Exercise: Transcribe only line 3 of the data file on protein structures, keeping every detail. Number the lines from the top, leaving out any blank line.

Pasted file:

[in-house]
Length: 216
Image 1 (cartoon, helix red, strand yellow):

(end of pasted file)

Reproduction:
Image 1 (cartoon, helix red, strand yellow):